Over the last three weeks, I kept finding myself in the spacious, modern confines of Little T American Baker. Whether coveting neatly displayed muffins, cookies, and croissants, or enjoying a muffuletta sandwich, one question kept returning: Why "American Baker?" You see, during the time I spent amid the stainless steel counters and butcher-block tables, chewing my way through the menu, I couldn't figure out what made the bakery distinctly American.

I called Little T's owner and master baker, Tim Healea, in hopes that he might set me straight.

"For the last couple of cycles at the World Cup of Baking in Paris," Healea says, "Americans took top rank. When I opened the bakery I wanted 'American' to be specifically stated: You can be an American and still be a great baker."

Healea, whose nickname was Little T when he took the Silver Medal for laminated doughs (viennoiserie) in the 2002 World Cup of Baking, doesn't want to be tied to a specific baking tradition. "Mostly, I'm aiming for rustic home-style stuff," he says. "I really wanted [the bakery] to be American in terms of it being a melting pot as well."

The danger with this wide worldview is the possibility that without focus, a baker's skill might be diluted among styles. This isn't the case at Little T. Healea is as adept at creating a delicious baguette with airy crumb and nice golden crust as he is at creating a loaf of slightly sweet, cake-like Sally Lunn bread.

Sally Lunn seems to be the flagship type of bread at Little T. The recipe is "straight from James Beard" according to Healea, and he uses Sally Lunn liberally throughout his menu. The thick, light slices work well combined with mild egg salad, but create a shallow, sugary flavor profile when combined with a surprisingly saccharine slab of meatloaf. Happily, the meatloaf sandwich is a rare miss in an otherwise fine menu.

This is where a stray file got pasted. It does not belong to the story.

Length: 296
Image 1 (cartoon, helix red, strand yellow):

While Little T is making a showing in the burgeoning Clinton/Division lunch scene, the breakfast offerings are a welcome addition to the neighborhood.

A formed, baked donut, studded with currants, has a balanced sweetness with powdered sugar and cinnamon spiciness. The texture has the integrity of dense cake. The oat and date scones are soft and substantial—the oats providing body to the flavor, hues of butter and sugar melting across the tongue, while the dates brighten the whole affair.

The breakfast sandwiches are also pleasant. The ham and cheese on pretzel works very well, primarily because of the split, stubby, soft pretzel roll with its large grains of salt studded across shining, deep brown crust. Another excellent offering is cowgirl toast, a riff on the classic egg-in-a-basket, wherein an egg is fried in a hole punched through a bread slice. Here the sweetness of the Sally Lunn plays well against salty egg and bacon.

There are so many options at Little T, it's impossible to give them all their due in this space. But I'd encourage anyone to try the seven-grain carrot roll, focaccia-style olive slab, or any of the other offerings filling Little T's dynamic menu. Like that muffuletta sandwich—its coarse and tangy tapenade mellowed by the warm give of sliced skinny baguette.

Henry Miller once wrote, "You can travel 50,000 miles in America without once tasting a piece of good bread." Lucky for Portland, Little T is close to home.